These sunscreens are aerosol sprays with SPFs above 50+ and the harmful additives oxybenzone and retinyl palmitate. The FDA is considering barring SPF above 50+ since it’s a misleading label.

– Banana Boat Clear UltraMist Ultra Defense MAX Skin Protect Continuous Spray Sunscreen, SPF 110
– Coppertone Sport High Performance AccuSpray Sunscreen, SPF 70
– Coppertone Sport High Performance Clear Continuous Spray Sunscreen, SPF 100+
– CVS Clear Spray Sunscreen, SPF 100
– CVS Sheer Mist Spray Sunscreen, SPF 70
– CVS Sport Clear Spray Sunscreen, SPF 100+
– CVS Wet & Dry Sunscreen Spray, SPF 85
– Neutrogena Fresh Cooling Sunscreen Body Mist, SPF 70
– Neutrogena Ultra Sheer Body Mist Sunscreen Spray, SPF 100+
– Neutrogena Ultra Sheer Body Mist Sunscreen Spray, SPF 70
– Neutrogena Wet Skin Sunscreen Spray, SPF 85+

TOPWorstSunscreen_Anti-AgingAnalyst

12 Worst Sunscreen Lotions

These sunscreen lotions claim SPFs above 50+ and contain oxybenzone and retinyl palmitate.

– Banana Boat Sport Performance Sunscreen Lotion, SPF 100
– Coppertone Sport High Performance Sunscreen Lotion, SPF 100
– Coppertone Sport High Performance Sunscreen, SPF 75
– Coppertone Sport Sunscreen Stick, SPF 55
– Coppertone Ultra Guard Sunscreen Lotion, SPF 70+
– CVS Sport Sunstick Sunscreen, SPF 55
– CVS Sun Lotion Sunscreen, SPF 100
– CVS Sun Lotion Sunscreen, SPF 70
– Neutrogena Ultra Sheer Daily Liquid Sunscreen, SPF 70
– NO-AD Sunscreen Lotion, SPF 60
– NO-AD Sunscreen Lotion, SPF 85
– Ocean Potion Protect & Nourish Sunscreen Lotion, SPF 70

11 Worst Sunscreens for Kids

EWG says these terrible kid and baby sunscreens have at least three strikes against them: 1) oxybenzone, 2) retinyl palmitate and 3) SPFs above 50+. Two have a fourth strike: they’re aerosol sprays that can harm sensitive young lungs. Convenient? Yes. Good for kids? Absolutely not.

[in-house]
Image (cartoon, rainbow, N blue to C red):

Banana Boat Clear UltraMist Kids Max Protect & Play Continuous Spray Sunscreen, SPF 110
Coppertone Kids Sunscreen Lotion, SPF 70
Coppertone Kids Sunscreen Stick, SPF 55
Coppertone Kids Wacky Foam Foaming Lotion Sunscreen, SPF 70+
Coppertone Water Babies Sunscreen Lotion, SPF 70+
Coppertone Water Babies Sunscreen Stick, SPF 55
Equate Kids Sunscreen Stick, SPF 55
Kroger Baby Sunscreen Lotion, SPF 70
Kroger Kids Sunscreen Lotion, SPF 70
Neutrogena Wet Skin Kids Beach & Pool Sunblock Spray, SPF 70+
Up & Up Kid’s Sunscreen Stick, SPF 55

Staying away from the above brands and reading your labels is great advice.  Read the EWG’s 2015 Guide to Sunscreens to choose a sunscreen that has no harmful chemicals and that is right for you, or enter the name of the sunscreen you are currently using to see if you should ditch it or keep it.

Ditch the Dangerous, Wear the Wonderful,

 

~The Anti-Aging Analyst

By | 2017-05-19T02:34:42+00:00 July 31st, 2015|Environmental Working Group, Oxybenzone, SPF, sun damage, Sunscreen, sunscreens|0 Comments

About the Author:

Eliza is an anti-aging journalist, coach and skincare/wellness consultant who has written hundreds of articles on anti-aging products and procedures, beauty and skincare. She writes regularly for The Los Angeles Examiner, and has been published in Hawaii's Inspiration Journal, and Hawaii Wellness Magazine, and quoted in various beauty blogs and newsletters including New You Magazine and more. A former Chicago reporter and analyst by nature, Eliza created Eliza's Anti-Aging Arsenal (www.antiaginganalyst.com/blog) a blog for people over 40, where she shares anti-aging tips, tricks and tools, vents a lot, and is known as "The Anti-Aging Authority With Attitude." Connect with Eliza at antiaging.analyst@gmail.com.